755. How does a refrigerator work? - SK
A refrigerator uses a material called a "working fluid" to transfer heat from the food inside the refrigerator to the air around the refrigerator. This working fluid moves through the refrigerator's three main components—the compressor, the condenser, and the evaporator—over and over again, in a continuous cycle. I'll begin as the fluid enters the refrigerator's compressor, which is usually located on the bottom of the refrigerator where it's exposed to the room air. The working fluid enters the compressor as a low-pressure gas at roughly room temperature. The compressor squeezes the molecules of that gas closer together, increasing the gas's density and pressure. Since squeezing a gas involves physical work (a force exerted on an object as that object moves in the direction of the force), the compressor transfers energy to the working fluid and that fluid becomes hotter as a result.. The working fluid leaves the compressor as a high-pressure gas that's well above room temperature. The working fluid then enters the condenser, which is typically a snake-like pipe on the back of the refrigerator. Since the fluid is hotter than the room air, heat flows out of the fluid and into the room air. The fluid then begins to condense into a liquid and it gives up additional thermal energy as it condenses. This additional thermal energy also flows as heat into the room air.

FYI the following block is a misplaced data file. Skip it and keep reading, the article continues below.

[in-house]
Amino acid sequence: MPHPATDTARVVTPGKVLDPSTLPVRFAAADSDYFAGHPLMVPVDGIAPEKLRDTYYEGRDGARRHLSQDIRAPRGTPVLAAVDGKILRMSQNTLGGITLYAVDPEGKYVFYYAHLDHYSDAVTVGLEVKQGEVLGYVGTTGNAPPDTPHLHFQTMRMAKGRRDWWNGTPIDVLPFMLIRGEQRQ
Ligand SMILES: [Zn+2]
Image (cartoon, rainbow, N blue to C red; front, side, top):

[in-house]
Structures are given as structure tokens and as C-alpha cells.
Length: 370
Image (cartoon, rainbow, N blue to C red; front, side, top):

The working fluid leaves the condenser as a high-pressure liquid at roughly room temperature. It then flows into the refrigerator, then through a narrowing in the pipe, and then into the evaporator, which is another snake-like pipe that's wrapped around the freezing compartment (in a non-frostfree refrigerator) or hidden in the back of the food compartment (in a frostfree refrigerator). When the fluid goes through the narrowing in the pipe, it's pressure drops and it enters the evaporator as a low-pressure liquid at roughly room temperature. It immediately begins to evaporate and expands into a gas. In doing so, it uses its thermal energy to separate its molecules from one another and it becomes very cold. Heat flows from the food to this cold gas. The working fluid leaves the evaporator as a low-pressure gas a little below room temperature and heads off toward the compressor to begin the cycle again. Overall, heat has been extracted from the food and delivered to the room air. The compressor consumed electric energy during this process and that energy has become thermal energy in the room air.